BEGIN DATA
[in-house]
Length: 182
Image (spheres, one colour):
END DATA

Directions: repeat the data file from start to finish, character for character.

[in-house]
Length: 182
Image (spheres, one colour):